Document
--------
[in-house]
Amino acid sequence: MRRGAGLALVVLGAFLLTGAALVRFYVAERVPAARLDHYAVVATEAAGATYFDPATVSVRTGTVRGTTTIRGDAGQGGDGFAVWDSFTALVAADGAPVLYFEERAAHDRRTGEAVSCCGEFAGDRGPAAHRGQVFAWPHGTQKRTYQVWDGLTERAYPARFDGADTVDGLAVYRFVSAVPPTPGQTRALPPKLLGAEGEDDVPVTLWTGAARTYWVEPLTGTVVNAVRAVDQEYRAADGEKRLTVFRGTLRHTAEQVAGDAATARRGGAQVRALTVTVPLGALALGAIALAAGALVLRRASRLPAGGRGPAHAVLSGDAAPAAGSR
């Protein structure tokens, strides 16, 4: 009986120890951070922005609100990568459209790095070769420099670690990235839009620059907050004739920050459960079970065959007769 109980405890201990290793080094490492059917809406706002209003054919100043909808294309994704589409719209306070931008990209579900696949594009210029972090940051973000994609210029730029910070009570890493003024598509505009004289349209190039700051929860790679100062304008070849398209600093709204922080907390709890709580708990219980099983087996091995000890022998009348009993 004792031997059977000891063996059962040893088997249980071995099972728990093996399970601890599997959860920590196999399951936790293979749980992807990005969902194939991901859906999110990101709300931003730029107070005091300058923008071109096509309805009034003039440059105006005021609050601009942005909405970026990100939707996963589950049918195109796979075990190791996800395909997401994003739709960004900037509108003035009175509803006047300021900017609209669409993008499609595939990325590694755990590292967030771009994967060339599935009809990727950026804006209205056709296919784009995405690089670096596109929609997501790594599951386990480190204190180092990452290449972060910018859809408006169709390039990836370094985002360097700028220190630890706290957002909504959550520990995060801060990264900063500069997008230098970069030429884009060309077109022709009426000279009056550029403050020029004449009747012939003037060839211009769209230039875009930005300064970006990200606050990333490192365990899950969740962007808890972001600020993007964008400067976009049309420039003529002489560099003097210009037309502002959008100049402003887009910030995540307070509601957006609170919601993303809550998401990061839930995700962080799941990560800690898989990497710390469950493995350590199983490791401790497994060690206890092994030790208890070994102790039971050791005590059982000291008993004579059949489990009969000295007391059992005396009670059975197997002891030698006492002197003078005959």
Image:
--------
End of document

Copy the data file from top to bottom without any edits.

[in-house]
Amino acid sequence: MRRGAGLALVVLGAFLLTGAALVRFYVAERVPAARLDHYAVVATEAAGATYFDPATVSVRTGTVRGTTTIRGDAGQGGDGFAVWDSFTALVAADGAPVLYFEERAAHDRRTGEAVSCCGEFAGDRGPAAHRGQVFAWPHGTQKRTYQVWDGLTERAYPARFDGADTVDGLAVYRFVSAVPPTPGQTRALPPKLLGAEGEDDVPVTLWTGAARTYWVEPLTGTVVNAVRAVDQEYRAADGEKRLTVFRGTLRHTAEQVAGDAATARRGGAQVRALTVTVPLGALALGAIALAAGALVLRRASRLPAGGRGPAHAVLSGDAAPAAGSR
């Protein structure tokens, strides 16, 4: 009986120890951070922005609100990568459209790095070769420099670690990235839009620059907050004739920050459960079970065959007769 109980405890201990290793080094490492059917809406706002209003054919100043909808294309994704589409719209306070931008990209579900696949594009210029972090940051973000994609210029730029910070009570890493003024598509505009004289349209190039700051929860790679100062304008070849398209600093709204922080907390709890709580708990219980099983087996091995000890022998009348009993 004792031997059977000891063996059962040893088997249980071995099972728990093996399970601890599997959860920590196999399951936790293979749980992807990005969902194939991901859906999110990101709300931003730029107070005091300058923008071109096509309805009034003039440059105006005021609050601009942005909405970026990100939707996963589950049918195109796979075990190791996800395909997401994003739709960004900037509108003035009175509803006047300021900017609209669409993008499609595939990325590694755990590292967030771009994967060339599935009809990727950026804006209205056709296919784009995405690089670096596109929609997501790594599951386990480190204190180092990452290449972060910018859809408006169709390039990836370094985002360097700028220190630890706290957002909504959550520990995060801060990264900063500069997008230098970069030429884009060309077109022709009426000279009056550029403050020029004449009747012939003037060839211009769209230039875009930005300064970006990200606050990333490192365990899950969740962007808890972001600020993007964008400067976009049309420039003529002489560099003097210009037309502002959008100049402003887009910030995540307070509601957006609170919601993303809550998401990061839930995700962080799941990560800690898989990497710390469950493995350590199983490791401790497994060690206890092994030790208890070994102790039971050791005590059982000291008993004579059949489990009969000295007391059992005396009670059975197997002891030698006492002197003078005959």
Image: